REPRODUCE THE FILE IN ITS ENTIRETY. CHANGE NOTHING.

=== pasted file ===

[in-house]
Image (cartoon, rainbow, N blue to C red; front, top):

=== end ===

[in-house]
Image (cartoon, rainbow, N blue to C red; front, top):